Is this just the common downward progression due to aging, or is there something we can do to get him back to normal?

Signed, New Problems With Dad

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Parenting Your Aging Parents: June Column

© Copyright 2012 by Robert Moskowitz

Dear Robert:

My favorite Aunt is suffering with Alzheimer’s. She hardly knows me anymore when I go to visit her, and it’s the same story with my cousins, her own children.

She’s still living at home, but her husband is not in very good shape to take care of her, and I’m afraid she could suffer some kind an accident in the house, or maybe cause one. She might even start wandering and get lost outside, or somehow come to harm some other way.

Her children (my cousins) aren’t sure she’s ready for a nursing home. Can you tell us how you decide when someone like my Aunt should move to a nursing home? If she’s a good candidate for this kind of a move, how should we introduce it to her?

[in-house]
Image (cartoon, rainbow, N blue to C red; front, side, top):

Signed, Wavering But Worried

Dear Wavering:

I’m sorry that your Aunt is suffering this way. Alzheimer’s (may I assume your Aunt has been diagnosed with this disease by a competent physician?) takes people away from their families in a very emotional and heart-wrenching way. Sometimes it can feel worse than death. And of course, there is the potential for all the problems you mentioned in your letter, and more.

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Parenting Your Aging Parents

© Copyright 2012 by Robert Moskowitz

Dear Robert:

I really don’t have anything to complain about. My husband and I have been helping my parents handle their finances and make other adjustments to their lives for the past five years or so. It has been working out very well for the whole family. But there is one problem. Since my father died a year ago, my mother has withdrawn from everyone and doesn’t seem to enjoy anything anymore. We’ve tried bringing her to our kids’ birthday parties and we’ve even offered to send her on a cruise. But she has no appetite for anything. What should we do?

Signed,  Child of Depression

Dear Child of Depression:

What’s unusual about a woman mourning her husband of – what? 30 or 40 years – for a year or even two after his death? Would you prefer that she shrug it off? Your mother is showing the classic symptoms of depression. That’s actually healthy after the death of a spouse, even if it’s not a comfortable experience right now. There are two main things for you and your husband to do, going forward: